Bottom Line: Signet's mixed signs

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JAMES McADAM, chairman of Signet, was clearly delighted to be proving the bears wrong for once. An 11 per cent increase in Christmas sales - albeit against pretty dismal comparatives - was better than the doomsters had been forecasting.

While that increase was driven by the US, where the recovery is much more advanced, even the British jewellery chains - excluding the tainted Ratners - are making progress at last.

That adds up to break-even for the current year, better than even the most optimistic analysts had predicted.

It would be wrong to get too carried away by the excitement, however. A return to profits is merely the first stage in rebuilding the group, and there is likely to be a lot more pain before shareholders will see any rewards.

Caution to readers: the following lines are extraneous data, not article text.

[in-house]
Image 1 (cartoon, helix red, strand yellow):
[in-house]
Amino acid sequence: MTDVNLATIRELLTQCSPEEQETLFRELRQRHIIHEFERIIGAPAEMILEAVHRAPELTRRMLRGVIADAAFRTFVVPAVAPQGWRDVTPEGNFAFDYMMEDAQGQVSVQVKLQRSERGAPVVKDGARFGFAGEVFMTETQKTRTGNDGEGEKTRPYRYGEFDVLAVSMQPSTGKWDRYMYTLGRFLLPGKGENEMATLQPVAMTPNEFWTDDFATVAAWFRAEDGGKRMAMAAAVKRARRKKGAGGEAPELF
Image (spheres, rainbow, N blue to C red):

The deficit on distributable reserves in the balance sheet stood at pounds 66m last January, and will climb further this year. Arrears on preference dividends are already pounds 60m and growing by about pounds 30m a year.

While holders may be persuaded to forgo some of their claims, the equity they will demand in return is likely to have a severely dilutive effect on ordinary shareholders. The banks owed pounds 300m-odd are also likely to want a share of the action.

The City clearly wants to believe that Signet will be the next retail wonder stock, and marked the shares up 3.5p to 31p. But until Signet actually implements a capital reconstruction, buyers have no idea what they are getting.

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